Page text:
The type of group network can influence the collective sensemaking. The interaction between members of group predetermines types of networks. The first type is based on the notions of similarity and stability. The second type is connected with workflow independence. The third network is an informal social network (Morrison and Milliken 715-716).
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The effectiveness of groups based on principles of similarity and stability is low as far as the organizational silence is more likely to appear among individuals who share the same opinion. The network of workflow independence is efficient because employees have to share their views.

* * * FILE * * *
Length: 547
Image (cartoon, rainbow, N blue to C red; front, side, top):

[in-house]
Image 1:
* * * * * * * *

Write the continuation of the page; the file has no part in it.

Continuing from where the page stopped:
It may lead to further discussion and expression of views. Informal networks are the strongest, and there is the largest possibility of the development of organizational silence and a high level of collective sensemaking. The type of group based on workflow independence works efficiently in any context as far as it engages the sharing of opinions and not just adaptations to points of view of others.
Morrison, Elizabeth and Frances Milliken. “Organizational silence: a barrier to change and development in a pluralistic world.” Academy of Management Review 25.4 (2000): 706-725. Print.